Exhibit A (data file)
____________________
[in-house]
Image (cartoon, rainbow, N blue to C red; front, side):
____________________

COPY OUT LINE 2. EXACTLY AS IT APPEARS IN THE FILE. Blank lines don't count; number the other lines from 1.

Image (cartoon, rainbow, N blue to C red; front, side):